4. oldtimer

    oldtimer Active Member

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    NO expert here, but you can get the textbooks used for Kindergarten and Grade 1 and get your son exposed to these books. There are workbooks and worksheets (downloadable) that you can get. Get some sort of a schedule that he can easily follow, just so he won't be disconnected from the routine of school.
     
  5. ice

    ice PhilMUG Addict Member

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    just read this article this morning and remembered how difficult internet is outside the city.

    my cousins (up north) who lives outside the city can only get cable internet which is not even stable enough for Facetime.

    It's also been a constant complain by my daughter that her classmate's internet (in Manila) are not stable enough at night when they have to do group works.

    AMERICA’S INTERNET WASN’T PREPARED FOR ONLINE SCHOOL | The Verge
     
  6. oj88

    oj88 PhilMUG Addict Member

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    We never entertained the idea of skipping school this year for our kids. Remote learning is, for the most part, still not ideal, but I think it's better than doing practically nothing. Anyway, they are stuck indoors.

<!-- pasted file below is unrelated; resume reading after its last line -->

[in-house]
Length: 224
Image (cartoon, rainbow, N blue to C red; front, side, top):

Besides, we figured that skipping a year might demoralize our kids when they realize that most of their peers could end up being a year ahead of them.
     
  7. gaol

    gaol PhilMUG Addict Member

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    It's not just the learning that they will miss, it's also the socialization and interaction with classmates that happens during schooldays. Hopefully their schools also provide online venues for the children to interact, both socially and academically (e.g., group work), especially since they are cooped up in their respective homes.
     
  8. Seven Leaves

    Seven Leaves Active Member